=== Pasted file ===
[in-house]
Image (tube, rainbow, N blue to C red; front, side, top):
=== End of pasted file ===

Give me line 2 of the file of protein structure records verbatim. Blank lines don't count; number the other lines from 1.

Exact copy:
Image (tube, rainbow, N blue to C red; front, side, top):